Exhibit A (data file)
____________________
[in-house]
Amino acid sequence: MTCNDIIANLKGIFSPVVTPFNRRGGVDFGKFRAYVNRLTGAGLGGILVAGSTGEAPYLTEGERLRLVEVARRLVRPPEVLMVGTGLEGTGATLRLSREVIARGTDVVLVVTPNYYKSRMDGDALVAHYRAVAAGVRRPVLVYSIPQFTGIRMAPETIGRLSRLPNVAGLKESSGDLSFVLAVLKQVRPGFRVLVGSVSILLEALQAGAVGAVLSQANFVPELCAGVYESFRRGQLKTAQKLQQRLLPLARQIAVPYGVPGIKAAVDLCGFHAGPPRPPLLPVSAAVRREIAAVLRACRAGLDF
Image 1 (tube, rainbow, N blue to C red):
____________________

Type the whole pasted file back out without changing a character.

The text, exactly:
[in-house]
Amino acid sequence: MTCNDIIANLKGIFSPVVTPFNRRGGVDFGKFRAYVNRLTGAGLGGILVAGSTGEAPYLTEGERLRLVEVARRLVRPPEVLMVGTGLEGTGATLRLSREVIARGTDVVLVVTPNYYKSRMDGDALVAHYRAVAAGVRRPVLVYSIPQFTGIRMAPETIGRLSRLPNVAGLKESSGDLSFVLAVLKQVRPGFRVLVGSVSILLEALQAGAVGAVLSQANFVPELCAGVYESFRRGQLKTAQKLQQRLLPLARQIAVPYGVPGIKAAVDLCGFHAGPPRPPLLPVSAAVRREIAAVLRACRAGLDF
Image 1 (tube, rainbow, N blue to C red):